THE PROCEDURE HAS BEGUN . . .
Fifteen years earlier. Jasper College is buzzing with the news that famed literature professor Richard Aldiss will be teaching a special night class called Unraveling a Literary Mystery—from a video feed in his prison cell. In 1982, Aldiss was convicted of the murders of two female grad students; the women were killed with axe blows and their bodies decorated with the novels of notoriously reclusive author Paul Fallows. Even the most obsessive Fallows scholars have never seen him. He is like a ghost. Aldiss entreats the students of his night class to solve the Fallows riddle once and for all. The author’s two published novels, The Coil and The Golden Silence, are considered maps to finding Fallows’s true identity. And the only way in is to master them through a game called the Procedure. You may not know when the game has begun, but when you receive an invitation to play, it is an invitation to join the elite ranks of Fallows scholars. Failure, in these circles, is a fate worse than death. Soon, members of the night class will be invited to play along . . .
Present day. Harvard professor Alex Shipley made her name as a member of Aldiss’s night class. She not only exposed the truth of Paul Fallows’s identity, but in the process uncovered information that acquitted Aldiss of the heinous 1982 crimes. But when one of her fellow night class alums is murdered— the body chopped up with an axe and surrounded by Fallows novels—can she use what she knows about Fallows and the Procedure to stop a killer before each of her former classmates is picked off, one by one?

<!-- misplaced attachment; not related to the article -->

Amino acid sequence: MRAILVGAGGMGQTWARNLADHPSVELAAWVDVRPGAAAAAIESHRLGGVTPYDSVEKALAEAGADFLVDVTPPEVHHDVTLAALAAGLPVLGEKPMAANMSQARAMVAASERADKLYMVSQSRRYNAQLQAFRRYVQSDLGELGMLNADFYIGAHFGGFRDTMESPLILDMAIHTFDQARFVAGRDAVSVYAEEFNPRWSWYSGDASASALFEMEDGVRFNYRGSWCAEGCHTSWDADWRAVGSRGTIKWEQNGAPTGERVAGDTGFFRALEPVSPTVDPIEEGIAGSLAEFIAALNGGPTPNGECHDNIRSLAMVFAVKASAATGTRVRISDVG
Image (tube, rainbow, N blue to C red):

A college campus, as it did in Lavender's debut, Obedience, provides the backdrop for the author's taut second stand-alone. In 1994, as an undergrad at Vermont's Jasper College, Alex Shipley was part of a controversial night class, Unraveling a Literary Mystery, taught from prison by literature professor Richard Aldiss, who was serving a life sentence for murdering two female grad students 12 years before. The class's mission: to learn the identity of reclusive author Paul Fallows, whose two novels were clues to his identity and were best understood by playing a game called the Procedure. Alex's investigation not only uncovered Fallows's identity and a masterful literary hoax but also exonerated Aldiss of the murders. Now a Harvard professor, Alex returns to Jasper after her classmates in Unraveling a Literary Mystery start turning up murdered, their bodies arranged the same way the two grad students were. Full-bodied characters, an effective gothic atmosphere, and a deliciously creepy, unpredictable finale will please fans of academic thrillers.
Hard to follow at points in the story with all the flashbacks.